To rebalance and restart the Normandy format, Kyiv pins its hopes on the new administration of United States President Joseph Biden. In a wide-ranging interview with the US media outlet Axios, on January 31, Ukrainian President Volodymyr Zelenskyy described how Russia is blocking the negotiations in order to impose a solution on its own terms, “to preserve the separatists” by some kind of “federalization.”
“I told European leaders, frankly: if we continue with this [Normandy and Minsk] format, it will have exhausted any usefuleness. This is why I want such a powerful world player as the United States to make its impact felt, involving President Biden in the Normandy format. I am ready to do anything to reach an agreement with the US President and the Normandy Group. I also told our European partners openly: if this does not work, then [we should] create another format, which must include the United States and Russia, in parallel with the Normandy format” (President.gov.ua, February 1).
Initial reactions in Washington and Kyiv sound notes of caution. Addressing the latest Kyiv Forum videoconference, one of President Biden’s aides, Michael Carpenter, has recommended against creating a US-Russia parallel negotiating track, as it existed (albeit stagnant most of the time) during two US administrations in 2015–2019. Rather than appoint yet again a US State Department Special Representative to operate a direct channel with Moscow, Carpenter has, instead, suggested that the United States should join the Normandy forum as a full member; possibly at the level of Secretary of State, Deputy Secretary of State or National Security Advisor (Ukrinform, January 27). This formula, however, would not seem to cover Normandy meetings at the presidential level, five of which have taken place thus far, and on which President Zelenskyy seems fixated.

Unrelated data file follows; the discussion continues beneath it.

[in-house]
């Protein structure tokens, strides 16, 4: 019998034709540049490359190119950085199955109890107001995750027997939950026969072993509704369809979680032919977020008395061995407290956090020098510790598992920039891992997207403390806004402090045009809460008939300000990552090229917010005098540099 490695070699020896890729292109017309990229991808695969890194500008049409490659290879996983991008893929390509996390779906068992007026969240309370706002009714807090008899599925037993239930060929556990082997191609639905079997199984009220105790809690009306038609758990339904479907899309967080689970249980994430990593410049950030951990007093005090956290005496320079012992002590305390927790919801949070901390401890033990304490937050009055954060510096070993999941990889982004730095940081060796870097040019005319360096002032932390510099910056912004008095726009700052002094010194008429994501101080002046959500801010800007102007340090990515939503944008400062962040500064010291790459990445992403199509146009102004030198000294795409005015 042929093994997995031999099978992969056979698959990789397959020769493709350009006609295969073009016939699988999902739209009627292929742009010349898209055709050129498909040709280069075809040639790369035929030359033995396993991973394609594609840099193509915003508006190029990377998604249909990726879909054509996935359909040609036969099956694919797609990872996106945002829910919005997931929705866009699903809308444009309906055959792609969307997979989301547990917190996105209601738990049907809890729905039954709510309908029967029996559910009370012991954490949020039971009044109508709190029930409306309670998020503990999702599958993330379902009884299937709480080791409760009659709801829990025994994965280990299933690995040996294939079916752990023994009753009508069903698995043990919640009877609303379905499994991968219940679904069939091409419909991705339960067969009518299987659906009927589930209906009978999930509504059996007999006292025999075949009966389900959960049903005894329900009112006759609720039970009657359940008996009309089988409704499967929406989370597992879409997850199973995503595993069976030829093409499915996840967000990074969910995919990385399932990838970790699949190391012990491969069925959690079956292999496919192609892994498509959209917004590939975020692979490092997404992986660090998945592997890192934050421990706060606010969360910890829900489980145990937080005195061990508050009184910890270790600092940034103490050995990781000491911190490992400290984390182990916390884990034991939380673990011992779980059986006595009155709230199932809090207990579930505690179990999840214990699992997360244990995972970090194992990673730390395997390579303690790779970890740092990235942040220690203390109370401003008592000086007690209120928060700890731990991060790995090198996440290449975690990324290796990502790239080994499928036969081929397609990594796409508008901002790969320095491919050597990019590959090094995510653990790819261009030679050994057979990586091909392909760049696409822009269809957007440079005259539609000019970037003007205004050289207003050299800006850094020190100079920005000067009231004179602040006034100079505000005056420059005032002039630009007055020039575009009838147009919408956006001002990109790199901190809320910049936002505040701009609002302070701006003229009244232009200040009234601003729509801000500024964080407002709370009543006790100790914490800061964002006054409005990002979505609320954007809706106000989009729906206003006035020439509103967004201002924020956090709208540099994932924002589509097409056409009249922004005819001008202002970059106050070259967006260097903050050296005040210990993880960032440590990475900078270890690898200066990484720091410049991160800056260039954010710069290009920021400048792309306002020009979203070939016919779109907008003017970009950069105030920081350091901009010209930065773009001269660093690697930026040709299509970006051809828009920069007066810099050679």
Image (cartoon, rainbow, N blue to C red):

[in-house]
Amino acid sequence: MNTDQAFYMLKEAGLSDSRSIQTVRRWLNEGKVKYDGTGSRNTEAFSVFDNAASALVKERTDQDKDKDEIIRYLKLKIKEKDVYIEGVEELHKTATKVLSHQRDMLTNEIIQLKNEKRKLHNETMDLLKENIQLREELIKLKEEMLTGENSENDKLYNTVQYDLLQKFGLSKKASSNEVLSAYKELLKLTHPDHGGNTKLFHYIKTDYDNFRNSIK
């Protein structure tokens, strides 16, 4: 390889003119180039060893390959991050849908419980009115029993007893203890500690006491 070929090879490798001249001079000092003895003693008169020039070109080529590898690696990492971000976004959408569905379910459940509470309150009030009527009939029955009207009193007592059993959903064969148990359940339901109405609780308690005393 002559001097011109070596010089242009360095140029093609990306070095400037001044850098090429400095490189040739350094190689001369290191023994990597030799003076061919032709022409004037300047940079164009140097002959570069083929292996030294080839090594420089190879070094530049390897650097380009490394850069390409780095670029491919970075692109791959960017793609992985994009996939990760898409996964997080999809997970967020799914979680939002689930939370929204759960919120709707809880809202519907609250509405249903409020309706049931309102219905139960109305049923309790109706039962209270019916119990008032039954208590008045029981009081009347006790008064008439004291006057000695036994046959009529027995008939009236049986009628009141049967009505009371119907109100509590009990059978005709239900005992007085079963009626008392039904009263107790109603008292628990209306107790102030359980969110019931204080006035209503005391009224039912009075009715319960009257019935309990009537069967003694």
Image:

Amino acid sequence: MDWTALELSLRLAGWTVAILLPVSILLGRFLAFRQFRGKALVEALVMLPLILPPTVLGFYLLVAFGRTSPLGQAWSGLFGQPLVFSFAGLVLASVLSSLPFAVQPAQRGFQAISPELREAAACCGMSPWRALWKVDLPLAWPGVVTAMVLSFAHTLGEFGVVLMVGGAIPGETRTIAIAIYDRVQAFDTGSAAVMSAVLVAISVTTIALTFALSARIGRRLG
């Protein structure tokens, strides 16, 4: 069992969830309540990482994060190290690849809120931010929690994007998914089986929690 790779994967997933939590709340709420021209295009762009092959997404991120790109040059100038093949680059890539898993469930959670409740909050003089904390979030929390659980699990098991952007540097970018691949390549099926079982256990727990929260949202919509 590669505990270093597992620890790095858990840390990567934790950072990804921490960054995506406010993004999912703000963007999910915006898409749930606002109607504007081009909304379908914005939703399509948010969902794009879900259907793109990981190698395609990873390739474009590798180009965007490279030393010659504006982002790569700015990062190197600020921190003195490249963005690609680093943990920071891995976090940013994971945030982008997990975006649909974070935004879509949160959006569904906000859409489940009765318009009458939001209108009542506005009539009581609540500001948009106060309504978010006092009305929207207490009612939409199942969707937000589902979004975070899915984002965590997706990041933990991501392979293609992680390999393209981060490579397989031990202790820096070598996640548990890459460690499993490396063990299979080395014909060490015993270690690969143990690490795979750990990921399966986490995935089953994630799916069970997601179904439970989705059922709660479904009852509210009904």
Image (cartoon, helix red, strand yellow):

As Ukraine’s Foreign Minister Dmytro Kuleba points out, changing the Normandy group’s composition at any level would necessitate the consent of all participants, and Russia would not consent. Involving the United States and potentially other Western actors “would certainly be a useful and effective way to stop Russia’s aggression and de-occupy our territories. However, in what kind of format to involve them—that is a question for diplomacy to work on” (Obozrevatel, January 13; Ukrinform, February 2).
An oft-overlooked fact is that any new entrant into the Normandy group would have to subscribe to Normandy’s entire “acquis” from 2014 to date. This is, in many ways, a toxic acquis, forced upon Ukraine in the early stages of this process.
Russia’s Ministry of Foreign Affairs has issued a predictable warning:
“We would only welcome the United States directly joining the Normandy Four process, if this move would prompt Kyiv to fulfill the obligations it took upon itself [Minsk ‘agreements’]. However, unfortunately, in view of the new US administration’s signals, such a thing is not to be expected. Kyiv wants, instead, to abandon the Minsk agreements and the United Nations Security Council’s resolution that enshrined them. Enlarging the Normandy process is possible only by unanimous consensus, which is out of question today” (TASS, January 22).